The Weeknd – ‘Starboy’ – Album Review

starboy1

By Jack

If Beauty Behind the Madness was Weeknd’s Avengers Assemble then Starboy is definitely his Age of Ultron. If you thought the writing team behind his debut was an all-star cast then just you wait. Starboy boasts a veritable coach load of all-star collaborators, with a collective twenty two Grammy awards between them. I counted.

Starboy may be the years greatest R&B album and possibly the best dance record since Random Access Memories.

We’ve already talked about the titular single ‘Starboy’ and generally felt it was a real grower. My initial reaction was a shrug. The song wasn’t really anthemic in the ways it should have been. However, on repeat listens, the detail and quirks of production, as well as the depth of the song writing, elevated it to among Weeknd’s best work.

The same cannot be said of the rest of the album. These tracks aren’t slow burners, they are more obvious.  Less sophisticated, but more enjoyable. You get exactly how a song is going to go by the first few bars. However, in an age of over-complication I for one appreciate the more traditional pop structures.

In contrast, the style is a lot more varied this time round. It surprised me that given the bumper crop of co-writers, Kevin Parker didn’t feature, because in places this is very, very Impalaesque. ‘Secrets’ would have slotted easily onto Tame Impala’s Currents, and ‘A Lonely Night’ even more so. ‘False Alarm’ is a jungle banger, and yeah it sounds terrible at first. It’s so far left of everything else going on here, but in the end it’s a welcome burst of energy.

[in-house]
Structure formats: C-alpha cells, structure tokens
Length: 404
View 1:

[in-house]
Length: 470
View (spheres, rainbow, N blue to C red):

That sci-fi metaphor wasn’t just me fucking about either. This is basically a space epic put to music. It’s Hip-Hop Intergalactica. This is no truer than on ‘Party Monster’ which sounds like a B-Movie saucer landing at a turf dancing contest. There aren’t any aliens but Lana Del Rey does pop up (no offence Lana!) to wrap her psychedelic croon around the final bars, before the song ends on an extended coda where the refrain is looped and Scooterified for no goddamn reason. This mish-mash produces moments of sheer inventive brio.

The only strike Weeknd gets on his report card is his occasionally lacklustre song writing. This is surprising given the depth of the lead single. However, the usual topics of girls, coke, cars, coke, coke & coke come and go and leave us feeling little in the way of satisfaction. Some of these rhymes are just sort of lame.

Ooh, she mine, ooh girl, bump a line

Angelina, lips like Angelina

Like Selena, ass shaped like Selena

This obviously implies the girl literally looks like an arse which is a pretty horrific idea altogether, unless you particularly love the work of David Cronenberg.

Still when you can end your album on a funk-infused muzak track with Daft Punk, you’re onto a winner. Honestly this is one of the most solid albums released in a long long time, and one that will appeal to a wide range of people. It dips into different styles and cobbles them together into something of real quality and invention. Comparisons to Thriller aren’t totally out of the question…

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